After several years of experience with simple light cameras, I bought my first digital Olympus EVOLT E330 in 2002, which has remained relevant. By this decade’s standards, the image quality is as clear as those of the 2011 models. Since I was introduced to the business of photography, I have remained flexible to the dynamics and evolution of simple cameras into complicated ones with better image quality. However, with vast experience in photography, the technology of the EVOLT E330 model has remained relevant and useful. As a matter of fact, this model of digital CameraCamera is very user friendly and produces quality pictures. In addition, the functionality manual is self-explanatory. Being a highly motivated Entrepreneur, relevant and useful in photography has enabled me to grow a small business into the top wedding photography studio in the Southern Delaware region within a period of five years with the Olympus EVOLT E330 models, which four-thirds DSLR format.
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The EVOLT E330 Olympus digital camera is essential in the photography industry due to the inclusion of the features that can enable a photographer to customize and make modifications in the setting to achieve the desired needs. As a wedding digital photography studio owner in Delaware, I have not only commissioned over 100 events throughout the United States and two private events in Jamaica with Prince Charles but also learned essential aspects of professional photography. In these commissions, I have a collection of several images in the wedding industry, with some from other photographers who permit a swap of ideas in these events.
Fortunately, I have met photographers who also use the same model as mine. The resultant photos were different due to the use of different settings, especially the varying exposure modes, lens, and image quality. However, I picked the best shots and sometimes swap images with other photographers to compare image quality and balance. Thus, my pictures remained of top quality as I learned from others the most appropriate settings for different hours and weather patterns in photography.
From the appearance, EVOLT E330 digital camera may look complicated and very difficult to use, especially for a first-timer with its buttons and dial arrays. As described by Singleton:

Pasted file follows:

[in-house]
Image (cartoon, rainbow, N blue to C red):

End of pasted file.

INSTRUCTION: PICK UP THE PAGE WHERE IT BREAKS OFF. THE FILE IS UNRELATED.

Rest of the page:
The EVOLT E-330 has a thick, large handgrip on the left, with a generous amount of space between the grip and the lens mount. A small dark window on the hold admits light from the infrared remote control, and the rest of the grip is covered with leather-textured rubber. At about the four o’clock position around the lens, the mount is the lens release button. The upper right quadrant is printed “Evolt E-330,” and a Four Thirds logo is below that. The pop-up flash is a bit to the left of the lens and has the Olympus logotype on it. (Singleton 1)
On my first day of using this CameraCamera, I felt challenged by a series of switches, body parts, and buttons as compared to the simple conventional film analog model, which had only three buttons. From the manufacturer’s manual, the first buttons I learned to use were the shutter speed and focus, which remain more or less the same across the modifications for most cameras in the market. Despite the feeling of apprehensiveness, I must confess that owning EVOLT E330 was the best part of my photography career. Mastering the use of other buttons was slow but steady due to proper arrangement in order of function.
Through exploration, I mastered the set of buttons and their functionality in addition to the modification of the setting to suit the image set. The most striking feature of this handheld camera is the shape and size of its body. It comes with a leather cover and safety lock when in idle mode. The CameraCamera is relatively smaller and can be held by one hand as the other operates its buttons. At the back, there is a big window where the captured shots can be reviewed before developing the final image.
This screen can be modified in terms of brightness and focus. On the left side of this window is an arrangement of buttons, dials, and switches, which are used in operating this gadget. Though the format may appear confusing, the functionality of these buttons is easily understood when each is handled separately (Highton 79). On the bottom left of the back is the control panel for reviewing the history of stored images, mechanical, and focus functionality.